Gathering the clans
The director and cast of Rob Roy explain why, with so many scripts to choose from, they were drawn to
adults who share a deep love that is both physical and emotional. The story was great, containing depth, integrity and strong commercial appeal. And
Scotland’s past. ‘ 3 MICHAEL onion-Jones - THE DIRECTOR . ‘2‘ ‘ .: ‘This is a love story. It’s a relationship between two _.;;;e":tt‘;~“ ‘_ > .
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A|an Sharp is probably the best write.» with whom Jessica Lange as Mary Macgregor - Tim Roth as the fopplsh Cunningham : We eve, worked. Both 0' us being Scottish helped ‘a mum-dimensional “real” woman’ a truly lethal sociopath enormously because we had a shared culture . . . wonderful to stand there, dressed in the period, and he could understand my accent. and know that these hills and mountains haven’t JHN Hum MARQUIS 0F MONTBOSE
‘lt was great going back home. I had forgotten changed in millennia — that Rob Roy and his clan ‘MIChael called me till alld 38*“ me it I "allied ‘0 how beautiful Scotland is and I’ve never seen the actually trudged those hills and would have seen P'aY "‘9 “astlest than in Scotland. He’s a salon ’ country captured on film like this before. The those views and marvelled at those sunsets. You animal. a SOPhlStlcaiB 0' the swimsIt COIM- "9 S actors were working against this fantastic don’t have to act that; it’s all there for you.’ described as havrng twenty faces, none of which backdrop that could never have been duplicated by are human. But. really. he’s iust a great believer special effects. I enjoy making films and, with Rob JESSICA LANGE - MARY MACGBEGOB that everyone should know and keep their place. Boll. I was not only able to direct a magnificent ‘My initial reaction was how rare it is to find a That in “58" is a code 0' honour-’ story. but I was doing something that allowed me scri t so beautifull written. What struck me — and to present my heritage to the rest or the world’ whai I think i liked ybest about it - was how purely "M 307“ ‘ WNN'NGHAM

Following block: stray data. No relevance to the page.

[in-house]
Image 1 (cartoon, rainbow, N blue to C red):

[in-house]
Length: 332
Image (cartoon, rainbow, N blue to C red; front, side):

male and female it was, full of love and lust, trust ‘He’s a top. He’s very fey, almost like a dame from
“AM NEESON " BOB m" and honour, sexuality and sensuality. Liam English pantomime, but lurking underneath is this ‘What drew me to the script was the romance; it embodies all of Rob’s physicality and rage, truly lethal sociopath. Making the swordplay look wasn’t just a swashbuckling adventure about men. tempered with tenderness, sweetness and easy takes a lot of hard work. it’s very physically fit the heart of this story was a powerful bond of sensuality - all those things that make Mary love demanding. It’s like learning a ballet; you rehearse love between Rob and his wife Mary and, for that him so much. I never had to strive to find those move by move and then put all the sequences
love, they are put to the test. It’s the stuff from characteristics in Liam, so it was very easy to play together. And then there’s homework . . . lots and which myths and legends naturally spring. It was a woman in love with him, a partner to him.’ lots of painful homework.’
The List 5-18 May i995 7